When there was a split in the course, and the 5K and half-marathon runners had to go in different directions, they had huge, well-illuminated signs. There was also a guy with a megaphone standing at the fork in the road, and there were volunteers repeatedly telling people which side to take for the 5K, just in case you didn't understand the signs with arrows. I was in one of the last corrals so I can vouch for the fact that there were still people on the course giving directions to the stragglers and slow runners/walkers.

Also, they had the race course online for months before the race. If these runners had taken five seconds to look at it - and the course is always online specifically so you can study it - they'd have known in an instant they were off-course. It showed where all of the turnaround points were. Another thing: why didn't they check their watches? You usually know how long it takes you to do each mile, more or less. Now, a first time 5Ker might not know about personal timekeeping, but the people complaining were claiming that they were experienced runners...um, no, honey.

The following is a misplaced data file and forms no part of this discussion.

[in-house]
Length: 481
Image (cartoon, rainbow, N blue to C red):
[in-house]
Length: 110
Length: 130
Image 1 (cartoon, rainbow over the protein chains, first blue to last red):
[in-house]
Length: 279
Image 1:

Chip timing: Yes, by Gemini, with a chronotrack tag on the bib.

Shirt: A black tech t-shirt with the race logo. Really nice.

Swag: A backpack with a few freebies, including Clif bars and magnets. The race medal was also lovely. The 5K and the half-marathon medals had the same basic design, but different ribbons and sizes.

Expo: At the Millennium Biltmore. It was fairly small and light on the freebies but overall, it was fine. I was disappointed that there weren't any vendors selling glow sticks/other night accessories.

Would I Run this Race Again: Yes!
Overview: The Yuletide 5K would have been fun...if they'd actually kept their word about the race features.